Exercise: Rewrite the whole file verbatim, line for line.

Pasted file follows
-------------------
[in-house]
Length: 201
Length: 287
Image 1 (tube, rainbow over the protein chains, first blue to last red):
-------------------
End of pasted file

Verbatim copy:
[in-house]
Length: 201
Length: 287
Image 1 (tube, rainbow over the protein chains, first blue to last red):